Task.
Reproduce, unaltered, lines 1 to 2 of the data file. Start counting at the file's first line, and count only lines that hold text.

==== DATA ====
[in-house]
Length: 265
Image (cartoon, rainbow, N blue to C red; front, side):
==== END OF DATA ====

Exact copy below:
[in-house]
Length: 265